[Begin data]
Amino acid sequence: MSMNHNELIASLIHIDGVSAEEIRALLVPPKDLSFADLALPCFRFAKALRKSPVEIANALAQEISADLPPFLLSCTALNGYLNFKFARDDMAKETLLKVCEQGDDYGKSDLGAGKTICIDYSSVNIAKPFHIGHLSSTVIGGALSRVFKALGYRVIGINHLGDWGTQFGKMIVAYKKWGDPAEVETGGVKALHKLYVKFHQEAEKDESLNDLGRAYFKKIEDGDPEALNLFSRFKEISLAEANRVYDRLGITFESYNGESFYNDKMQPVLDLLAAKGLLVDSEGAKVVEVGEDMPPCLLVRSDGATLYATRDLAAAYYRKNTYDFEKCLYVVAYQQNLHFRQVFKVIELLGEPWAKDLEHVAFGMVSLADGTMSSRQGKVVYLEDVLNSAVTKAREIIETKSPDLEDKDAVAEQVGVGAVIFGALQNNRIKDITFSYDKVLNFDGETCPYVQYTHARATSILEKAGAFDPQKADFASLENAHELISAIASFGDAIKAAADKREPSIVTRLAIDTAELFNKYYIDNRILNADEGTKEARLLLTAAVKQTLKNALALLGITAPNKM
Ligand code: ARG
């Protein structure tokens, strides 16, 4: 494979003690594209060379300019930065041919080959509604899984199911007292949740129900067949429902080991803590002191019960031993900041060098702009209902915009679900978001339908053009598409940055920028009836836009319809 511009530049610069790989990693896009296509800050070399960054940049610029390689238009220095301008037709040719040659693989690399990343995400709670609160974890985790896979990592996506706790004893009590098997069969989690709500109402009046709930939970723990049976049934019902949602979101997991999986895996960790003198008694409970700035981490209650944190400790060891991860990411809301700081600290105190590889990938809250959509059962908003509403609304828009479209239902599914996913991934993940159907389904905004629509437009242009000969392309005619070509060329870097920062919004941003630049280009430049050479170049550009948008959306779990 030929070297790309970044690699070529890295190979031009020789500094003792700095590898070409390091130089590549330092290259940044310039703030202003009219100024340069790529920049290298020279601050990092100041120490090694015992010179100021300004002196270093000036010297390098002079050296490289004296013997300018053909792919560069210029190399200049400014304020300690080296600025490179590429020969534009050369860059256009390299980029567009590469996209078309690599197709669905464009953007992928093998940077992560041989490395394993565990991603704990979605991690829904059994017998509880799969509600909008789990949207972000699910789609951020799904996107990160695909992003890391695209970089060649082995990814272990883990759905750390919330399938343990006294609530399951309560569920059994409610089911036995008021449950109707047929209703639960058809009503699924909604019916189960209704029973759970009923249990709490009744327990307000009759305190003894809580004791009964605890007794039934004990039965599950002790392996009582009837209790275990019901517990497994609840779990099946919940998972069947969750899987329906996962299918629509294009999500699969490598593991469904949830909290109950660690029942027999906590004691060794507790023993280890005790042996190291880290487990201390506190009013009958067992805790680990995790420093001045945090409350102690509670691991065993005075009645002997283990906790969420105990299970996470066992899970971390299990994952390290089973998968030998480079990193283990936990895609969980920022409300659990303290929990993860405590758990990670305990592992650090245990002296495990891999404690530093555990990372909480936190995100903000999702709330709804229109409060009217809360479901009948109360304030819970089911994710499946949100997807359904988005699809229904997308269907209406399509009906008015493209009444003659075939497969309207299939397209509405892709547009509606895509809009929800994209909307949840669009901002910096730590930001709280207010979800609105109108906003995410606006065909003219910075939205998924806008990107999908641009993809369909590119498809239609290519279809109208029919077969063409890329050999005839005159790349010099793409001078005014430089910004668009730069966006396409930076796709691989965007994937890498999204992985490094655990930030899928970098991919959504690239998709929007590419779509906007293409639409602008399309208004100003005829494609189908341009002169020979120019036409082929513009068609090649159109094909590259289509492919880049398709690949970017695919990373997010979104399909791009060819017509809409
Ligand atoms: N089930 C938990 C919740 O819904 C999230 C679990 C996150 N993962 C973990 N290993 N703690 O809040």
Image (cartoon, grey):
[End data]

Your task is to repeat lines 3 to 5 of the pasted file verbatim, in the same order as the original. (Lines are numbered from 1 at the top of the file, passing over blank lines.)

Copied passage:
């Protein structure tokens, strides 16, 4: 494979003690594209060379300019930065041919080959509604899984199911007292949740129900067949429902080991803590002191019960031993900041060098702009209902915009679900978001339908053009598409940055920028009836836009319809 511009530049610069790989990693896009296509800050070399960054940049610029390689238009220095301008037709040719040659693989690399990343995400709670609160974890985790896979990592996506706790004893009590098997069969989690709500109402009046709930939970723990049976049934019902949602979101997991999986895996960790003198008694409970700035981490209650944190400790060891991860990411809301700081600290105190590889990938809250959509059962908003509403609304828009479209239902599914996913991934993940159907389904905004629509437009242009000969392309005619070509060329870097920062919004941003630049280009430049050479170049550009948008959306779990 030929070297790309970044690699070529890295190979031009020789500094003792700095590898070409390091130089590549330092290259940044310039703030202003009219100024340069790529920049290298020279601050990092100041120490090694015992010179100021300004002196270093000036010297390098002079050296490289004296013997300018053909792919560069210029190399200049400014304020300690080296600025490179590429020969534009050369860059256009390299980029567009590469996209078309690599197709669905464009953007992928093998940077992560041989490395394993565990991603704990979605991690829904059994017998509880799969509600909008789990949207972000699910789609951020799904996107990160695909992003890391695209970089060649082995990814272990883990759905750390919330399938343990006294609530399951309560569920059994409610089911036995008021449950109707047929209703639960058809009503699924909604019916189960209704029973759970009923249990709490009744327990307000009759305190003894809580004791009964605890007794039934004990039965599950002790392996009582009837209790275990019901517990497994609840779990099946919940998972069947969750899987329906996962299918629509294009999500699969490598593991469904949830909290109950660690029942027999906590004691060794507790023993280890005790042996190291880290487990201390506190009013009958067992805790680990995790420093001045945090409350102690509670691991065993005075009645002997283990906790969420105990299970996470066992899970971390299990994952390290089973998968030998480079990193283990936990895609969980920022409300659990303290929990993860405590758990990670305990592992650090245990002296495990891999404690530093555990990372909480936190995100903000999702709330709804229109409060009217809360479901009948109360304030819970089911994710499946949100997807359904988005699809229904997308269907209406399509009906008015493209009444003659075939497969309207299939397209509405892709547009509606895509809009929800994209909307949840669009901002910096730590930001709280207010979800609105109108906003995410606006065909003219910075939205998924806008990107999908641009993809369909590119498809239609290519279809109208029919077969063409890329050999005839005159790349010099793409001078005014430089910004668009730069966006396409930076796709691989965007994937890498999204992985490094655990930030899928970098991919959504690239998709929007590419779509906007293409639409602008399309208004100003005829494609189908341009002169020979120019036409082929513009068609090649159109094909590259289509492919880049398709690949970017695919990373997010979104399909791009060819017509809409
Ligand atoms: N089930 C938990 C919740 O819904 C999230 C679990 C996150 N993962 C973990 N290993 N703690 O809040």
Image (cartoon, grey):